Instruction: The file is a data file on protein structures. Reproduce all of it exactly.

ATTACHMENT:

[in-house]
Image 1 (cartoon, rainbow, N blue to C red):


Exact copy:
[in-house]
Image 1 (cartoon, rainbow, N blue to C red):